This year I wanted to try something different and twist up my Christmas baking routine. Instead of ginger cookies and German zimtsterne (cinnamon stars), I went for Christmas pudding — a classic British Christmas sweet that dates back to the Victorian era.
I went online and watched a few YouTube videos (like this one here) and recipes that helped me figure things out. I actually made two Christmas puddings, and for the second one — that I’ll bring to my Uncle’s house on Christmas day — I strayed and made up my own version. Here’s the recipe — along with lots of photos to help you out (I find that helps if you’ve never made something before).
MARY’s XMAS PUDDING
- 1 cup dried chopped dates
- 1 cup dried cranberries
- 1 1/2 cup dried sultanas (raisins)
- (*** note any 3 1/2 cup mixture of dried fruit will work. You can use dried apricots, currants, raisins, dates, even figs)
- 1 cup sweet vermouth (the red kind)
- 1 cup bread crumbs
- 1 cup organic flour
- 1 cup golden sugar
- 3 large eggs
- 1 grated organic apple
- the zest of 1 organic lemon
- 2 teaspoons of cinnamon
- 1/2 teaspoon cloves
- 2 sprinkles of nutmeg
Here’s how it’s done:
1) Mix the dried fruit together in a medium sized mixing bowl. Pour the vermouth over it and mix with a wooden mixing spoon. Cover and let sit for 2 hours – 3 days. The fruit will take up the vermouth flavour (*** note you can also use brandy or rum instead of the vermouth, but just use less (1/2 – 3/4 cup) as it has a much stronger flavour).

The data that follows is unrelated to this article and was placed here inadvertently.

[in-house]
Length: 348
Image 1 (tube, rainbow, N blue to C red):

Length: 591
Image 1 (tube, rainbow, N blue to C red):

2) Add the remaining ingredients to the dried fruit and mix batter well – it will resemble a cake batter. Grease a mold or pudding basin with butter – I used a cake pan that I bought at a flea market in France. It turned out to be the perfect size.
3) Pour the mixture into the greased mold and pat down lightly. Next, cut a round piece of waxed paper to cover the cake mold – leave about two inches over the sides – and grease it. Place it over the mold (greased side down so the pudding doesn’t stick to it) and then cover it with tin foil. Using a string, tie the foil so it is as air tight as possible and so no water can get in while the pudding steams.
4) Take a large pot (your mold needs to fit in when the lid is on the pot) and place a saucer upside down on the bottom of it to rest the cake mold on (the mold can not touch the bottom of the pot, or it will burn). Place the filled cake mold on it and fill it with water about 3/4 up the sides. Place the lid on and bring to a boil, then reduce heat to a simmer or very light boil (I left mine on setting “1”).
5) Simmer/ steam for 3 1/2 (3.5) hours with the lid on, checking to make sure there is enough water in the pot — at least half of the mold/ pudding basin should be covered. Let cool for at least 45 minutes, and then turn the mold over and tap until the pudding falls out. It should be the perfect shape of the mold you used and slide right out!
6) Enjoy — typically with brandy butter or egg nog cream or whiskey cream. I didn’t bother with a butter or cream — I like it enough on its own and I’ve never been one for icing or sweet sauces. That said, I do think a nice cream would marry well with this quintessential Christmas dessert!